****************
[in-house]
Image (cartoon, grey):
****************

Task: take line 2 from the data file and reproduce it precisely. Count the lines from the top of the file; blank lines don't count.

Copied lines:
Image (cartoon, grey):